After years of chewing on the thought of writing a book about his coming-of-age experience at the winery, Weir sat down to seriously research a bundle of historic accounts. Over many cups of coffee, he also reconnected with and interviewed his old mentor.
What Weir found was rich, strange, and undeniably interlaced into his own life story. Personal notes and historic facts began to merge in strange harmony. Weir likens his style to a memoir told in “campfire fashion.”
I find this description to be dead on. Full of bygone details that crackle to life, the story is thoughtfully interwoven with poignant personal truths.
“My story of the 1995 crush would have maybe made a fun short story, but I don’t believe it warranted a full book,” Weir said. “When I learned the backstory, in the 100 years that led us all there to [Saucelito Canyon], I saw the serendipity. That’s when I realized it was really a story within a story.”
About 100 years ago, English homesteader Henry Ditmas did plant approximately 3 acres of zinfandel in the middle of nowhere, 40 miles south of Paso Robles and 15 miles north of the Santa Barbara County line.
However, nothing could be as impressive as what Greenough himself did after purchasing the land in 1974.
“He saw these 100-year-old vines and restored them with nothing more than a pick and shovel,” Weir said. “This story truly made a lasting impression on me.”
The author bleakly described what Greenough saw upon his first arrival to the property: “An expanse of scrub and poison oak riddled with the overgrown knobs of what looked like dead vines.”
You’re probably asking the same question Weir himself asked.
“Why bother to restore these vines? Why expand them to 10 acres?”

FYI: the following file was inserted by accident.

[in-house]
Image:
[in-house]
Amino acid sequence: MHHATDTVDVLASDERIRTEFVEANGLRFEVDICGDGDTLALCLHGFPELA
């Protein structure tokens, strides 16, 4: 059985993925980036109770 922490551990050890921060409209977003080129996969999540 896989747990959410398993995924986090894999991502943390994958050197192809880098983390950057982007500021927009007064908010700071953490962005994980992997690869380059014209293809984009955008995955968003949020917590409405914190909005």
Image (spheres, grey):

What drives self-determination? What compels us to push forward—to try harder, even when it’s 100 degrees and all you have is a handful of blisters?
“This is not just a story about wine and winemaking; it is a story of endurance and entrepreneurship,” Weir said. “These people took chances. From Ditmas settling the land in 1880, I like to think of all the dominos that have fallen, and have continued to fall, because of that single act.”
Weir is, arguably, the next domino in that lineup. Through telling the story of “mythic vines and improbable winemaking,” he is passing on a frenetic energy that will never die, only change shape. Greenough’s kids are now making wine at Saucelito Canyon, too.
“If only Henry Ditmas could know all of the things that followed after him,” Weir said. “This book is in part a testament to that American dream of sticking your neck out; of creating something.”
Five years ago, Weir attended a retrospective anniversary tasting in the old canyon celebrating Greenough’s 35th year as owner of Saucelito Canyon. There, Weir came face-to-face with a dear friend: That hard-won, defiant 1995 Zinfandel, which had been stored in Greenough’s hillside wine cave.
“I hadn’t tasted that wine in 12 years,” Weir said.” “I was interested to see if it was still alive—if it could still tell a story.”
Zinfandel isn’t known as the most age-worthy wine on the block. For all the author knew, his partial handiwork could taste like pure vinegar.
There was only one way to find out.
As Weir so deftly described the fateful moment in his novel:
“I watched intently as the wine tumbled into the glass, deep purple at its core, but bronzed by age at the ridges.”
“It took me by surprise, and I had a visceral, ‘wow.’ All the memories started coming back to this time in my life,” Weir said. “It wasn’t the freshest wine, but it was still hanging in there. That’s when my wheels started turning. I thought, ‘Maybe I should dust off those notes.’”
After all, as Weir likes to say, “Left to their own devices, grapes will just rot. But when turned into wine, they tell a story.”